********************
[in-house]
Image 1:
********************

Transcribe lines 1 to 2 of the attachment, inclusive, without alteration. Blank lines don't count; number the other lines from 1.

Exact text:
[in-house]
Image 1: